... I'm not all at comfortable with the wording of the second sentence. I was the author of the SystemRandom() class and I only want to guarantee that it provides access to the operating system's source of random numbers. It is a bold claim to guarantee that it is cryptographically secure (many such claims in the past have turned-out to be false). We don't really know what it is going to do on a VM for example.
Also, I don't want to call SystemRandom() a pseudo-random number generator. It purports to be an actual random number generator (or at least it purports to have used some real source of entropy at some stage). To me (the module maintainer), that is an important distinction.
It should be sufficient to say that SystemRandom() inherits all the properties of the operating system's os.urandom() implementation, yes? Since Python has nothing to do with that, it's most accurate and helpful to tell the user to refer to their OS urandom docs.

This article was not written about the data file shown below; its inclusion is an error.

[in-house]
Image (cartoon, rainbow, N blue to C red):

On all platforms I'm aware of (two ;-)), urandom() is in fact a CSPRNG, not an "actual random number generator". That's why urandom() can get away with never blocking, potentially producing bits far faster than the system random() can accumulate fresh entropy.
But all the hideous details don't belong in the Python docs - they belong in the OS's urandom docs. A phrasing I've found helpful is to tell users that "urandom() is as secure as the people who wrote your operating system knew how to make it". Linux users smile then, and Windows users groan ;-)